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Flu spray may protect kids better

Vaccine absorbed in the nose is more effective than a shot for young children, a study finds.

February 19, 2007|Dennis O'Brien | Baltimore Sun

A nasal spray appears to be more effective than flu shots in protecting children younger than 5, according to a major study published last week.

"It's good news. We need it, we need a new flu vaccine for children," said Dr. Neal A. Halsey, director of the Institute for Vaccine Safety at Johns Hopkins' Bloomberg School of Public Health. He was not involved in the study.

Researchers gave either flu shots or MedImmune's FluMist nasal spray to almost 8,000 young children in 2004 and found that of the nearly 500 children who caught the flu, those given shots caught it twice as often.

The study, published in the Feb. 15 issue of the New England Journal of Medicine, was funded by MedImmune, which is trying to persuade the Food and Drug Administration to approve FluMist for use by children between ages 1 and 5. Researchers at Saint Louis University School of Medicine say it's the largest pediatric study ever conducted comparing flu shots with the spray.

But some experts say that because researchers found increased hospitalization rates among the youngest children given the nasal spray, the results warrant closer scrutiny.

"There is an increased risk for certain children, but that has to be balanced against the benefits," said Dr. Joshua M. Sharfstein, Baltimore city health commissioner. "That's why we have an FDA."

Company officials, who have been struggling with competition from injected flu vaccines, called the results good news.

"We're very excited that these data are now out there," said Dr. Frank J. Malinoski, senior vice president of medical and scientific affairs for MedImmune.

Dr. Robert B. Belshe, the study's lead investigator and a professor of medicine and pediatrics at Saint Louis University School of Medicine, said the spray works better in children because it's a weakened version of live flu virus. Injected vaccine is a dead virus.

"The live vaccine gives a broader response, better than a flu shot," Belshe said.

Another advantage, he said, is that whereas shots stimulate antibodies in the blood, the nasal spray stimulates antibodies in the blood and the nose.

"Shots are good at boosting preexisting immunity," he said. "But they don't work as well where there is no preexisting immunity."

The FDA approved FluMist for people between ages 5 and 49 in June 2003 but withheld approval for children younger than 5 because of previous studies linking it to wheezing problems among some youngsters.

A refrigerated version of FluMist was approved by the FDA in January and is due to replace the current frozen formula, which has been criticized for having difficult storage requirements.

MedImmune's hopes to win FDA approval in May to begin marketing FluMist to children ages 1 to 5 with no history of wheezing or asthma, Malinoski said. FDA approval would open up a market of 14 million children now ineligible for the spray, he said.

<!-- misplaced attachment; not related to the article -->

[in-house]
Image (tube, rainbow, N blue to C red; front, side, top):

MedImmune also hopes to one day win approval to distribute the vaccine to adults 50 and older, but has yet to provide the necessary safety data to the FDA.

The study shows FluMist is safe for children ages 1 to 5 who have no history of wheezing or asthma, Belshe said.

But, he said, there is still a need for a safe vaccine for children younger than 1. The study results show that 42 of the infants between 6 to 11 months old were hospitalized within six months of being given the nasal spray, compared with 18 hospitalization cases among infants given shots.

Belshe called the hospitalization rates "puzzling," and said many of the hospitalized children had problems largely unrelated to flu, such as diarrhea and lung infections. "We don't understand why that is," he said.

In an accompanying editorial, the New England Journal of Medicine editors called the results encouraging, but they recommend "further discussion and careful review" of safety data before FluMist is approved for young children.

"They're simply calling for caution and that's appropriate," Belshe said. "We're talking about a very vulnerable population, children under 5."

In the study, 7,852 children ages 6 months to 59 months received either the nasal spray or a flu shot at 249 hospitals and healthcare facilities in 16 countries. Those given active doses of the spray also were given placebo shots; those given real shots got a placebo spray. Influenza-like symptoms were then monitored and nasal swab cultures were taken throughout the 2004-05 flu season.

Of the 491 children infected during the ensuing flu season, 338 had been given flu shots and 153 had received nasal spray, which translates into 54.9% fewer flu cases. The spray was particularly effective at preventing the most common of the three strains of flu that cause illness each year, reducing cases of the H3N2 strain of flu virus by 79%.

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